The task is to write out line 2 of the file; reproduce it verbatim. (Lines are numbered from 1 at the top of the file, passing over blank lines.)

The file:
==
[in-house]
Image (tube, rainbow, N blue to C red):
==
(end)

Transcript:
Image (tube, rainbow, N blue to C red):